We’re already deep into February 2017, but I thought I’d finally put together an overview of what I’ve been up to during the past year, at least as far as research outputs are concerned. It’s been a busy year by any measure, with a number of key projects coming to completion; research publications from some of these are still in production, but here’s what’s already come out.
Axel Bruns, Gunn Enli, Eli Skogerbø, Anders Olof Larsson, and Christian Christensen, eds. The Routledge Companion to Social Media and Politics. New York: Routledge, 2016.
The year began with the release of a major Routledge Companion that I co-edited with my colleagues in the “Social Media and Election Campaigns” project led by the University of Oslo. In this collection we worked hard to provide as much breadth and depth in our coverage of recent political uses of social media as we possibly could, and we ended up with contributions covering political campaigns and movements on all continents except Antarctica, involving a total of some 60 scholars. There’s also a strong section that collects some recent and emerging theoretical perspectives. In addition to the introduction, I also contributed to three substantive chapters in the Companion:
Axel Bruns, Gunn Enli, Eli Skogerbø, Anders Olof Larsson, and Christian Christensen. “Introduction.” The Routledge Companion to Social Media and Politics, eds. Axel Bruns, Gunn Enli, Eli Skogerbø, Anders Olof Larsson, and Christian Christensen. New York: Routledge, 2016. 1-3.
Axel Bruns and Tim Highfield. “Is Habermas on Twitter? Social Media and the Public Sphere.” The Routledge Companion to Social Media and Politics, eds. Axel Bruns, Gunn Enli, Eli Skogerbø, Anders Olof Larsson, and Christian Christensen. New York: Routledge, 2016. 56-73.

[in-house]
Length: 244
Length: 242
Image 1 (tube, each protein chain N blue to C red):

Eli Skogerbø, Axel Bruns, Andrew Quodling, and Thomas Ingebretsen. “Agenda-Setting Revisited: Social Media and Sourcing in Mainstream Journalism.” The Routledge Companion to Social Media and Politics, eds. Axel Bruns, Gunn Enli, Eli Skogerbø, Anders Olof Larsson, and Christian Christensen. New York: Routledge, 2016. 104-120.
Tim Highfield and Axel Bruns. “Compulsory Voting, Encouraged Tweeting? Australian Elections and Social Media.” The Routledge Companion to Social Media and Politics, eds. Axel Bruns, Gunn Enli, Eli Skogerbø, Anders Olof Larsson, and Christian Christensen. New York: Routledge, 2016. 338-350.
There were a handful of other publications related to social media and politics that came out in 2016, even though they dealt with events much further in the past. Published online first in 2016, and now properly in Media International Australia issue 162 (2017), I covered the use of social media in the 2013 Australian federal election campaign (and I’m hoping to put together a companion piece for the subsequent federal election in 2016 soon):
Axel Bruns. “Tweeting to Save the Furniture: The 2013 Australian Election Campaign on Twitter.” Media International Australia 162 (2017): 49-64. DOI: 10.1177/1329878X16669001.